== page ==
The death of Nawab Akbar Khan Bugti, 79, a former political governor, on Saturday sparked violent protests in the southwest province of Baluchistan.
Bugti was killed when the cave he was in collapsed during fighting with government forces who had earlier attacked his hideout in the hills of Pakistan’s poorest and least populated province.
Major-General Shaukat Sultan, a spokesman for the military, said on Thursday that Bugti’s “badly crushed” body had been retrieved from the rubble and was in an “advanced state of decay”.
A senior local official said Bugti will be buried at his ancestral home on Friday.
That event will be subject to strict security measures after violence has flared in Baluchistan in recent days.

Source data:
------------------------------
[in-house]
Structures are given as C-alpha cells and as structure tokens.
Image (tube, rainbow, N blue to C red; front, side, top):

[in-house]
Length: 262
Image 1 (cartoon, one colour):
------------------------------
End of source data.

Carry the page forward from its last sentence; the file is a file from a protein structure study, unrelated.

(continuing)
Four days of rioting followed Bugti’s death, leaving 10 dead and banks and other buildings burnt out.
Reports have suggested authorities would move to restrict the number of mourners at the funeral after trouble flared after funeral prayers on Tuesday.
Bugti’s death has provoked
Supported by a heavily armed private militia, Bugti had spent years fighting the government for provincial autonomy and a greater share of the profits from the region’s natural resources, including gas, gaining him great respect among the local population.
Opposition parties have demanded an inquiry into his death, and the length of time it has taken to recover his body has added to speculation over the official account of his death.
The government says its security forces did not intend to kill Bugti in the weekend operation 265km east of Quetta, the provincial capital, which left more than 20 people dead.